April 7, 2009 - The World Health Imaging Alliance (WHIA) said at HIMSS 2009 that it has cemented key partnerships that will enable it to significantly ramp up its efforts to bring digital imaging technology to sites in need around the world. Basic diagnostic X-ray services are a key component of primary health care delivery. However, two-thirds of the world’s population is without access to it, according to World Health Organization (WHO) estimates. The WHO further estimates that there is a need for one diagnostic imaging machine for every 50,000 people. WHIA’s vision is to facilitate the deployment of 20,000 of these systems worldwide, thus providing one billion people with access to diagnostic imaging. Access to imaging may be life saving. As Mladen Poluta, Director of the Healthcare Technology Management Program at the University of Cape Town, explains, “HIV-positive patients are at an increased risk of contracting (pulmonary) tuberculosis, which can be diagnosed quickly with a chest X-ray. Even those on prophylactic TB treatment require chest X-rays. Given the large disease burden associated with TB and HIV, in particular, cost-effective and sustainable imaging solutions at the primary level of healthcare - with telediagnosis as an added value extension - will result in significant gains in the quality of care delivered, thanks to earlier diagnosis and commencement of treatment.” WHIA intends to fulfill its vision by providing a complete, low-cost, sustainable digital imaging solution. Although many of today’s providers can bring low-cost solutions to developing countries, most have been ineffective at creating sustainability, according to the WHIA. As a result, less than half of the approximately 1,500 WHO-approved, installed X-ray systems are in operation today. In addition, many solutions miss capabilities such as clinical site needs assessment, image storage, teleradiology and remote monitoring; all of which WHIA aims to provide for enhanced sustainability of an imaging clinic. WHIA is also working to significantly enhance the benefits of digital imaging by adding next generation functionality and services to its solution. It is concentrating on developing future capabilities that will make it possible for clinics and hospitals to access telemedicine for improved health service delivery; provide a platform that will be used to develop improved tools for computer aided detection and diagnosis; and provide clinics and hospitals with the ability to utilize electronic medical records and offer every patient direct access to their own personal health records. In order to provide a complete solution, WHIA has developed partner relationships with key vendors. Sedecal, a global OEM manufacturer of X-ray systems, has partnered with WHIA to provide the WHO-approved X-ray machine. "Sedecal is honored and excited to be able to join this project,” says Manuel Martinez-Garcia, President and CEO. “WHIA will make a difference in diagnosis and, thus, improve healthcare in developing and remote areas of the world. Sedecal's commitment is to assist WHIA on the technical side, putting its engineering resources at the disposal of the project and developing the x-ray systems for these special applications. Sedecal has also invested in WHIA by donating equipment and manufacturing equipment at a discounted cost." Digital medical imaging is provided through a relationship with Carestream Health, a global company providing medical and dental imaging systems and information technology solutions. Several of Carestream Health’s Point of Care CR systems have been donated for use in the pilot installations. The software systems that manage the digital images have been provided through a partnership with Merge Healthcare. Merge has pledged staff time, software licensing and product development assistance for the current and next generation of WHIA solutions. For more information: www.whia2009.org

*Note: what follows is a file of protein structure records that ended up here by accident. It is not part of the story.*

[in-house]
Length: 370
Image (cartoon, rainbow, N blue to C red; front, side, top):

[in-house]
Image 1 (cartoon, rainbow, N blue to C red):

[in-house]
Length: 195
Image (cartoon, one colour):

World Health Imaging Alliance Aims to Bring Imaging Diagnostics to Developing Countries
A 3-D printed tungsten pre-clinical X-ray system collimator. The tungsten alloy powder is printed into the form desired and is laser fused so it can be machined and finished. Previously, making collimators from Tungsten was labor intensive because it required working with sheets of the metal to create the collimator matrix.